Uncovering the Ancient Peoples of Leicestershire

by Rupert Birtwistle in Thorpe Arnold, England, United Kingdom

Uncovering the Ancient Peoples of Leicestershire


raised in 416 days



Discovering prehistoric settlements through geophysical survey in Scalford, Leicestershire for commencement of community excavations

by Rupert Birtwistle in Thorpe Arnold, England, United Kingdom

Extensive survey near the village of Scalford in Leicestershire, has highlighted significant prehistoric activity in the vicinity. Flint objects dating from a number of periods, including the Palaeolithic, Mesolithic, Neolithic and Bronze Age have been recovered in their thousands and suggest long-term occupation in a number of localities. The study area already possesses a Roman villa, barrows and enclosures, visible on aerial photography. To understand the network of prehistoric sites in the area a program of geophysics is required over a very large area to reveal the secrets of this hidden landscape. We need your support to fund geophysical survey of this nationally important site.


Over the past 20 years, retired science lecturer, Dr Alan Massey has been walking the fields (with permission of course) around the Scalford area collecting exquisite flint tools. In 2018, a project funded by Leicestershire Archaeological and Historical Society was undertaken by the director of Past to Present Archaeology, Rupert, who examined and catalogued the artefacts. The collection has brilliant examples of stone tools from the Mesolithic and Neolithic, in addition, supported by large quantities of Palaeolithic material. Mapping the spread of artefacts has highlighted significant potential for a large settlement complex. Near to the main artefact concentration exists a likely enclosure which is visible as a cropmark on Google Earth. In 2003, a small test trench was excavated by a local group on the suspected villa site which confirmed the existence of a large Roman complex. With your support we will not only highlight the full extent of the villa, together with any associated features, but reveal the hidden settlement, agricultural and funerary monuments within the area.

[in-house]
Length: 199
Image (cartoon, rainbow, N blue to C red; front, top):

What happens next?

The greater your support for this project, the better and more wide-ranging our results will be. In fact, without your support, we may never get this project off the ground.

Geophysical survey is an expensive technique, but it is required to reveal the secrets of these hidden Leicestershire settlements. If successful in our aim to raise funds to undertake this important work, we will keep you updated every step of the way through our website. We want you to feel part of this nationally significant research program. In supporting the project you will be enriching knowledge of the history of the area, contributing to fundamental research to understand prehistoric society and economy and be responsible for exposing a ritualistic landscape. Following the conclusion of the geophysical survey we will be holding various open days, talks and running numerous project events, such as training courses, fieldwalking and survey activities related to the site. We welcome everyone to get involved. Furthermore, in summer 2021 we will commence our community excavations on the Roman villa. All the sites identified by geophysical survey will be excavated by Past to Present Archaeology, and this will be a fabulous opportunity to join us on a substantial and comprehensive research project. Your archaeology adventure starts here!

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